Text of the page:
Canada Delivers on Glasgow Statement Pledge With Policy Guidelines to End International Public Finance for Fossil Fuels
In an important step forward for the global energy transition, the Government of Canada has released new policy guidelines to end international public financing for fossil fuels and reprioritize support for clean energy by the end of 2022.
The guidelines come in response to Canada’s COP 26 commitment in The Glasgow Statement on International Public Support for the Clean Energy Transition. Signed by 34 countries and five public finance institutions, the Glasgow Statement was the first multilateral commitment to address public finance for oil and gas.
With today’s announcement, Canada is turning its Glasgow Statement pledge into action. IISD is pleased to congratulate the Government of Canada on a robust measure that will end public financing for all unabated fossil fuel projects abroad involving exploration, production, transportation, storage, and refinement by the end of 2022. These measures will apply regardless of where the project owner is located. The guidelines include certain exemptions, including for natural gas power generation and decarbonization of fossil fuel projects (such as carbon capture, utilization, and storage). That said, the guidelines outline robust conditions for such projects to ensure alignment with a 1.5°C pathway. IISD urges the stringent application of these conditions so that taxpayer dollars are directed to climate solutions.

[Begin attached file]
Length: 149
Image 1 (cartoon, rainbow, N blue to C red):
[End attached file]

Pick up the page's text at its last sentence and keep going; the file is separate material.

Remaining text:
This policy change is critically important, given that Canada has been one of the largest international fossil fuel financers in the world, providing an average of USD 11 billion per year from 2018 to 2020 through Export Development Canada. According to policy pathways modelled by the Intergovernmental Panel on Climate Change, no new oil and gas fields can be developed, and no new oil and gas exploration can be carried out if the world is to limit global warming to 1.5ºC.
With the creation of this policy, Canada joins other Glasgow Statement signatories with robust fossil fuel exclusion policies, such as Denmark, the United Kingdom, Swedfund, the French Development Agency, the Dutch Development Bank FMO, and the European Investment Bank.
On the heels of COP 27, IISD applauds this progress and looks to the federal government to further align its financial flows with its climate commitments. In the 2021 mandate letters, Canada’s federal government committed to ending both domestic and international public financing for the fossil fuel sector. Canada must take timely action to end domestic subsidies and public financing for fossil fuels within the next year.
For more information on Canada’s international public finance and the Glasgow Statement, see our recent report Turning Pledges Into Action.
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